Business owners supplement this basic skeleton by adding a theme and choosing plug-ins. Themes and plug-ins make up the look-and-feel of your food blog. And, because WordPress is open-source, anyone can build a theme or a plug-in. The end result is thousands of tech savvy people building solutions to meet your specific needs.

What is a WordPress Theme?

Think of a WordPress Theme as the skin on the skeleton. It’s the user-interface of the website.

WordPress has hundreds of themes to choose from, including dozens of themes designed specifically for building a food blog. In this series, I’ll show you my favorite of them, a food blog theme called Kale by Lyrathemes.

What Are WordPress Plugins?

WordPress plugins are pieces of code that you can “plug-in” to your blog to meet a specific need. Food bloggers, for example, use a recipe plugin to format and present their recipes online. But a recipe plugin does more than that – it also translates the recipe into code that search engines – like Google & Pinterest – can read and understand.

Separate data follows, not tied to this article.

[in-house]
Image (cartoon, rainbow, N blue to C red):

There are plugins for everything. Want to build an email list? There’s a plugin for that. Improve the speed of your site? Connect your users to social media? Control spam? Add a photo gallery? All of these things can be built into your blog using plugins.

One-stop shopping services work in much the same way, but the themes and plugins are far more limited. That’s because – IMHO – they’re development is controlled by the platform and they provide only the plugins that they think you might need.

For example, when I tried to rebuild my food blog, Herbivore’s Kitchen, on, I was only able to find one recipe plugin. And that one option? It had bad reviews. Compare that to WordPress where there are dozens of recipe plugins to choose from and a consumer-driven environment that drives the best ones to the top of the list.

Have I convinced you to use WordPress yet?

How to Set Up a WordPress Blog

Before we jump in, I need to explain that there are two WordPress options: and is a one-stop shopping option that closely resembles Wix or Square. is the self-hosted platform that I described above. So, for the purposes of this post, I am referring to